Anonymous
Anonymous asked in Computers & InternetHardwareDesktops · 8 years ago

Purpose for SSD + HDD dual drives? What is better for RAID?

I am ordering a custom gaming pc, with dual hard drives. The default choice you are given is a primary 64 GB SSD and a 500 GB HDD. Is there any reason to keep this drive set up? Will there be any synchronization issues with asymmetric drives? Isn't it better for setting up RAID to have two identical drives (say, both traditional HDD and cheaper)?

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  • 8 years ago
    Best Answer

    I think you don't understand it right. When you select a RAID 0 or 1 configuration, it automatically gives you two of the same drive. If you selected a RAID configuration for your SSD, it gives you two SSDs in a RAID format. Did you select a RAID format, even? Because if you didn't, then you can't set up two hard drives in a RAID format manually. From what I can understand of your question, you didn't select a RAID format. If you did, it would say something next you your selection like (2X256). The reason that there are two hard drives, one SSD and one HDD, is because SSDs load faster for games, and HDDs can store more data. So you have a game drive and a data drive. Does this make any sense to you?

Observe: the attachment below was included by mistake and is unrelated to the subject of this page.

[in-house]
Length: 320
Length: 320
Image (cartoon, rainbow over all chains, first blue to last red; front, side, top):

Source(s): Experience
  • 3 years ago

    It relies upon. i think the SSD+HDD could be extra "sturdy" because of the fact with a RAID 0 configuration, if one force fails, you lose the suggestions from the two drives. notwithstanding, velocity could be controversial. For immediately throughput, the RAID could in all hazard be speedier. For get entry to cases, the SSD could win, however the lone 1TB force could lose.

  • 8 years ago

    You wouldn't be doing RAID with that setup, you would have the SSD as a boot/application drive, with the HDD as a data drive.

    If you want RAID, then it's best to have identical drives.

  • Blah B
    Lv 6
    8 years ago

    No issues at all, make sure the OS is installed into the SSD for faster boot/load times and all your other data can go onto the HDD.

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